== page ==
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The Wounded Angel

I enjoy looking at paintings. They often slip under my guard and take me by surprise. I sense that they speak and my soul hears them before the rest of me catches up. One painting that does this for me is this one.

‘The Wounded Angel’ is by the Finnish artist Hugo Simberg, and I saw it as a postcard on my first visit to Helsinki many years ago. It hit me like a brick, I’d never seen anything remotely like it before: “A Wounded Angel”? How could that be?  

Its Finland’s favourite work of art. Simberg painted two versions, at the beginning of the 20th century just prior to Finland achieving independence, [which might or might not be significant] one is in The Ateneum in Helsinki, the other is a fresco on the wall of the cathedral in Tampere, a town in western Finland. 

Apparently he had planned a large image of a wounded angel for many years but struggled for the right approach.  First he drew a sick angel, who is given medicine to drink by two small devils; in the next image the devils decide to find expert help & lift the angel on to a wheelbarrow; the wheelbarrow is gradually replaced by a stretcher, which the devils carry, then the bearers become human children, & the route becomes established, a lonely road along the bank of a narrow river.

The highly symbolic group move in a realistic setting. The background is taken from the Elaintarha Park in Helsinki, which was popular amongst Helsinki’s working class as a place of leisure, the upper classes preferred another park in the south of the city. In “The Wounded Angel’ healthy boys carry an injured girl toward the Disabled Persons Mansion & School for Blind Girls.

The angel girl is not seriously hurt. Her ‘wing’ is slightly broken & she has a bandage covering her forehead. The angel could fly but won’t. It could also look around but keeps its eyes glued to the ground. She wants to be helped.

The painting was an important work for Simberg, who did not try to explain it, nor did he give it a title. So how do we proceed?  I have a print in my shed and over the years it has sometimes provoked strong emotions. Some are moved to compassion, others get very angry. One person said, ‘Why doesn’t that silly woman get down & walk’ and asked for the picture to be turned back to front while we talked.  Most, but not all visitors assume the angel is female, but not everyone.

What do we see?  Two teenage boys carry an angel sitting on a makeshift stretcher on a path from right to left. How do they come to be doing this? Are they willing or were they coerced? The boy in front is dressed in a black suit and is quite short. The other wears a brown jacket, black trousers & boots, & is taller. He looks at us. What does his look ask?  Does he accuse us of being responsible for the angel’s wounds?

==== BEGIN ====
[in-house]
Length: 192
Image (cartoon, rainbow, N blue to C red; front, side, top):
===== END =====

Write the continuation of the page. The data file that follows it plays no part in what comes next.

The angel is dressed all in white, with a dress that trails to the ground, white wings, and a white bandage/blindfold over her eyes. She appears to be a young girl, perhaps a bit younger than the boys. She has blonde hair to below her shoulders.

There are just two poles & a cross piece for the angel to sit on and she holds onto the poles. Her head is bowed. Her right hand holds some small white flowers. Her white wings have a brush of red on them, which might be blood. 

What does she need?  Where have they come from, and where are they going?

How could an angel, God’s messenger, be wounded?   If not recognised, heard or accepted maybe. But God would not wound one of Her angels. So the wound must be inflicted by a human. As an act of rage against God?

Another question might be ‘Can a wounded person be an angel’? Or even, given God’s Biblical concern for the poor, the outsider, ‘Is any wounded person an angel, a messenger from God, like immigrants, the hungry etc’. “As you do it unto one of these, you do it unto me.”

Might you or I be a wounded angel? Do our wounds prevent us being used by God as messengers, or might God speak through them? Indeed given the example of Jesus, Who was certainly a messenger from God, might God be incarnate in a wounded angel?

Or might we be one of the boys carrying her? Would we be doing that willingly? Is she a cross we’d accept?

Interestingly in writing this I have often mis-written ‘wounded’ as ‘wonder’ and realised that wonder and wounded are very similar! 

Here is a modern version of the painting by Pekka Vuorilehto.

4 Comments

  1. James Grenfell